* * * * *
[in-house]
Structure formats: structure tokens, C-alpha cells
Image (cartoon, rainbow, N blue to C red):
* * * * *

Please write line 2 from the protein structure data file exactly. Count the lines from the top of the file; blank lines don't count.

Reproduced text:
Structure formats: structure tokens, C-alpha cells